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MISSISSIPPI

 GULF COAST

 



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Life at the beach on Mississippi Gulf Coast

 

MISSISSIPPI GULF COAST GUIDE


   Referred to as the "Playground of the South," the Mississippi Gulf Coast runs along the shores of the Gulf of Mexico. Sandwiched one hour from both New Orleans to its west, and Mobile, Alabama to the east, the area embraces the cities of Bay St. Louis, Pass Christian, Long Beach, Gulfport, Biloxi, Ocean Springs, Gautier, and Pascagoula. In addition to the abundance of historical and cultural attractions, many people, particularly those within a 6 to 8-hour driving distance, recognize the Gulf Coast for its gaming industry. Legalized in 1992, Casinos have been an economic and nightlife boon to the region.

   Biloxi is home to most of the Mississippi Gulf Coast's historical spots, the bustling gaming industry with its many casinos, nightlife, and restaurants, most specializing in excellent gulf fish and seafood.

    Major industries here were the boatyards, timber, and fishing. Because it was known as the Seafood Capital, Biloxi had more than 40 seafood factories with an abundance of oysters, crab, shrimp, fish, and crawfish. Today, the area is chocked full of seafood joints, and there is a local saying, "If you're looking for seafood and you go hungry in Biloxi, its your own fault!"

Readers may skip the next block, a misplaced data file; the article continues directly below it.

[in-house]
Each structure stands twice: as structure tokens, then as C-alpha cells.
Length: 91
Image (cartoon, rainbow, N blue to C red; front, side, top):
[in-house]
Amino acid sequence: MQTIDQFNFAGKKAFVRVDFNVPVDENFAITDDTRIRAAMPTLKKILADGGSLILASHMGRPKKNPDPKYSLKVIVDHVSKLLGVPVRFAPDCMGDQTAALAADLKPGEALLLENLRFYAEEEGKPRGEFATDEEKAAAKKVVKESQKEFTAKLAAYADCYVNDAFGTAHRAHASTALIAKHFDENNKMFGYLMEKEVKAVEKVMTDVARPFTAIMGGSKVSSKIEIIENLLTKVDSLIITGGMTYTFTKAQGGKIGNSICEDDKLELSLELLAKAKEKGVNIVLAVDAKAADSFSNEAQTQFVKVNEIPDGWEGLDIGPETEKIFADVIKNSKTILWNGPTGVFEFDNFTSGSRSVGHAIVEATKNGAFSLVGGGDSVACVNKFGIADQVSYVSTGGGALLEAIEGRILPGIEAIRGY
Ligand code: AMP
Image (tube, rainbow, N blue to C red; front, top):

Just west of Biloxi, Gulfport is the second largest city in Mississippi after Jackson and centers around business and residences. African American neighborhoods here encompass North Gulfport, the Quarters, Sherwood, Gadston Point, Soria and Mississippi City, Magnolia Grove, and Rolling Meadows, and the historic Black resort, Gulfside Assembly.

    Bay St. Louis is called "A Place Apart" in reference to its relatively comfortable race relations over the years. Now an intimate and charming town of about 10,000, Bay St. Louis has an enchanting downtown area, beautiful beaches, a historic depot district built in the late 1800s to early 1900's, two historic cemeteries, and is home to more than 100 resident artists and several notable places worth visiting.

   Gulfport and Bay St. Louis have growing number of Black-owned businesses and retail outlets. Mississippi Gulf Coast is finding the radar screen increasingly more travelers for its casino resorts with entertainment, historical and cultural sites, shopping, and 26 miles of sugar-white sand beaches. Even the several hundred year old Friendship Oak lets you know makes you feel welcome.

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